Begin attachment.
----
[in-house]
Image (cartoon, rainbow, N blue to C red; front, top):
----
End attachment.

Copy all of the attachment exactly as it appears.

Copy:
[in-house]
Image (cartoon, rainbow, N blue to C red; front, top):